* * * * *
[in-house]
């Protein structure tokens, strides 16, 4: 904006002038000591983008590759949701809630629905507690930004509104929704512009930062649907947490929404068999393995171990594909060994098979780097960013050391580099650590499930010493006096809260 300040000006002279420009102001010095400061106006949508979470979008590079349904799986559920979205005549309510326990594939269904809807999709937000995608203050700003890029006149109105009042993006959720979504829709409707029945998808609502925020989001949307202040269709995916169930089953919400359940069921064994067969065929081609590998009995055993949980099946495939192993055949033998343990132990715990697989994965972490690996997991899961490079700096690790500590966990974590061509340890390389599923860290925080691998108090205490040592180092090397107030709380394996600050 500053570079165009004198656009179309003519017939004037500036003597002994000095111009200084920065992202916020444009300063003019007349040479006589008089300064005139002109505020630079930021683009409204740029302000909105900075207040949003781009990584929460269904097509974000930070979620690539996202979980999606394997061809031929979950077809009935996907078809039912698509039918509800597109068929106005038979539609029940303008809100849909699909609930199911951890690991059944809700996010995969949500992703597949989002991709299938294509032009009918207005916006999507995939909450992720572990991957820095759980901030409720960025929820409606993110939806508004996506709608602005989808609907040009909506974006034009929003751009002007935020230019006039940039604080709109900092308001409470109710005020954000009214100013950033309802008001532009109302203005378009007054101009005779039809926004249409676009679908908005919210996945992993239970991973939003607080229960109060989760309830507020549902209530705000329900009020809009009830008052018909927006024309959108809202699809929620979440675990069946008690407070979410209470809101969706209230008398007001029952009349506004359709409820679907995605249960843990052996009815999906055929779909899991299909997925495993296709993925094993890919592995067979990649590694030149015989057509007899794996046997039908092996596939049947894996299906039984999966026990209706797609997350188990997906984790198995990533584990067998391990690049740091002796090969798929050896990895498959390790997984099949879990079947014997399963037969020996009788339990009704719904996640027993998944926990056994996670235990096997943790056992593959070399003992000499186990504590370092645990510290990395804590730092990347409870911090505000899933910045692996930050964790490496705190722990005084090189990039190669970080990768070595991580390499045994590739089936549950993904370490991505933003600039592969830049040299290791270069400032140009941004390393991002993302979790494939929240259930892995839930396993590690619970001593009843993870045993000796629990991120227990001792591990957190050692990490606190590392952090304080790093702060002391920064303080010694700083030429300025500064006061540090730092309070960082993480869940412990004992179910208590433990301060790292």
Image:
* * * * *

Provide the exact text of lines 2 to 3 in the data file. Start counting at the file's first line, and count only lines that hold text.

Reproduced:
């Protein structure tokens, strides 16, 4: 904006002038000591983008590759949701809630629905507690930004509104929704512009930062649907947490929404068999393995171990594909060994098979780097960013050391580099650590499930010493006096809260 300040000006002279420009102001010095400061106006949508979470979008590079349904799986559920979205005549309510326990594939269904809807999709937000995608203050700003890029006149109105009042993006959720979504829709409707029945998808609502925020989001949307202040269709995916169930089953919400359940069921064994067969065929081609590998009995055993949980099946495939192993055949033998343990132990715990697989994965972490690996997991899961490079700096690790500590966990974590061509340890390389599923860290925080691998108090205490040592180092090397107030709380394996600050 500053570079165009004198656009179309003519017939004037500036003597002994000095111009200084920065992202916020444009300063003019007349040479006589008089300064005139002109505020630079930021683009409204740029302000909105900075207040949003781009990584929460269904097509974000930070979620690539996202979980999606394997061809031929979950077809009935996907078809039912698509039918509800597109068929106005038979539609029940303008809100849909699909609930199911951890690991059944809700996010995969949500992703597949989002991709299938294509032009009918207005916006999507995939909450992720572990991957820095759980901030409720960025929820409606993110939806508004996506709608602005989808609907040009909506974006034009929003751009002007935020230019006039940039604080709109900092308001409470109710005020954000009214100013950033309802008001532009109302203005378009007054101009005779039809926004249409676009679908908005919210996945992993239970991973939003607080229960109060989760309830507020549902209530705000329900009020809009009830008052018909927006024309959108809202699809929620979440675990069946008690407070979410209470809101969706209230008398007001029952009349506004359709409820679907995605249960843990052996009815999906055929779909899991299909997925495993296709993925094993890919592995067979990649590694030149015989057509007899794996046997039908092996596939049947894996299906039984999966026990209706797609997350188990997906984790198995990533584990067998391990690049740091002796090969798929050896990895498959390790997984099949879990079947014997399963037969020996009788339990009704719904996640027993998944926990056994996670235990096997943790056992593959070399003992000499186990504590370092645990510290990395804590730092990347409870911090505000899933910045692996930050964790490496705190722990005084090189990039190669970080990768070595991580390499045994590739089936549950993904370490991505933003600039592969830049040299290791270069400032140009941004390393991002993302979790494939929240259930892995839930396993590690619970001593009843993870045993000796629990991120227990001792591990957190050692990490606190590392952090304080790093702060002391920064303080010694700083030429300025500064006061540090730092309070960082993480869940412990004992179910208590433990301060790292």
Image: